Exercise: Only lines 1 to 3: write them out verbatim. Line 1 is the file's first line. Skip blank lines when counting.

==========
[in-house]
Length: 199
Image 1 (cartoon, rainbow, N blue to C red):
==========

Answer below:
[in-house]
Length: 199
Image 1 (cartoon, rainbow, N blue to C red):